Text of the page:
4. Obstructed airways: The tongue is attached to the lower jaw, so the position of the tongue in the mouth depends on your jaw alignment. Misalignment of the lower jaw could cause your tongue to sit too far back in the mouth and obstruct your airways. If your breathing feels abnormal, especially while sleeping, a TMJ disorder could be the culprit.

We hope that reading about these lesser-known symptoms will answer some of your questions about TMJ disorders. If you’re experiencing any of these symptoms, schedule a consultation with us to learn about your treatment options!

Dieting and Dental Health

Dieting-and-Dental-HealthGiving up processed foods and artificial sugars is a great way to improve our overall health, but sometimes our “healthy” habits can actually deprive us of vital nutrients. Internal health is an important factor when it comes to oral hygiene, and cutting meat, dairy products or sugars out of your diet could lead to serious conditions such as gum disease if you don’t find the right substitutes. Keep reading for a list of nutrients you might be missing and some tips for balancing your diet with your oral health!

Zinc in saliva and enamel prevents the buildup of bacteria, which eventually turns to tartar or calculus. It is essential to preventing cavities and even gum disease (periodontitis). If you notice a metallic taste in your mouth, zinc deficiency may be to blame, as it causes a buildup of bacteria in the mouth.

  • Zinc-rich foods: Seafood, lean meats, dairy products
  • Alternatives: chickpeas, cashews, almonds

Gum swelling or bleeding may be a sign of Vitamin C deficiency. Vitamin C is necessary for collagen production, which is an essential part of the connective tissue in the gums surrounding the teeth.

  • Vitamin C-rich foods: citrus fruits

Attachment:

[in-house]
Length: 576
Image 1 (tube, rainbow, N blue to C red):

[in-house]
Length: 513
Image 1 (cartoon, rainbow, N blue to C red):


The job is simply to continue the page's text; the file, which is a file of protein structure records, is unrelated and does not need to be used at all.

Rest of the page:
• Alternatives: Bell peppers, tomatoes, sweet potatoes

A lack of calcium weakens the gums, and people who don’t eat animal and dairy products may be increasing their risk of periodontal disease. Calcium prevents bone degeneration, keeping the jaw strong and healthy so bacteria doesn’t destroy the bone that supports the teeth.

  • Calcium-rich foods: dairy products
  • Alternatives: chickpeas, broccoli, collard greens, oranges

Vitamin D works with calcium to promote strong bones. It increases calcium absorption, preventing tooth loss and jaw bone degeneration.

  • Vitamin D-rich foods: Fatty fish, egg yolk
  • Alternatives: mushrooms, tofu, dairy alternatives (i.e. soy milk)

If you notice a burning sensation in your mouth, specifically on your tongue, or frequent canker sores you may be suffering from iron deficiency. Iron deficiency leads to reduced red blood cells and decreased oxygen flow.

  • Iron-rich foods: Red meat, poultry, seafood
  • Alternatives: dried fruits, beans, dark leafy greens

Finding a solution to your symptoms may be as simple as picking up a few extra ingredients at your local supermarket! Adding some of these nutrient rich foods to your diet can help you get back on track with your oral health and wow us next time you visit our office!

6 Reasons to Consider Dental Implants